Elinor Karlsson is the director of the Vertebrate Genomics Group at the Broad Institute of MIT and Harvard. She is also an assistant professor in bioinformatics and integrative biology at the University of Massachusetts Medical School. She is excited by the potential for using our own evolutionary history to understand how the human genome works, and in how that knowledge can lead to advances in healthcare.
Karlsson’s current projects include the 200 Mammals Genome Project, an international effort led by the Vertebrate Genomics group at the Broad to compare hundreds of different mammalian genomes and identify critically important segments of DNA. She is also studying recent human evolution to find the genetic variation that makes some people resistant to ancient infectious diseases, like cholera. Karlsson has a special interest in diseases shared between humans and dogs. She recently launched the citizen science-driven Darwin’s Dogs project, which invites all dog owners to participate directly in research exploring the genetic basis of dog behavior, as well as diseases such as OCD and cancer.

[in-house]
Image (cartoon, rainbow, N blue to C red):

Karlsson received her B.A. in biochemistry/cell biology from Rice University, and earned her Ph.D. in bioinformatics from Boston University. She was a postdoctoral fellow at Harvard University before starting her own research group at the University of Massachusetts Medical School in 2014.Last updated date: August 2016